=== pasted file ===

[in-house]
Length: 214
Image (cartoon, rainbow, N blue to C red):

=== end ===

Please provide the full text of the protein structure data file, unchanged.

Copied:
[in-house]
Length: 214
Image (cartoon, rainbow, N blue to C red):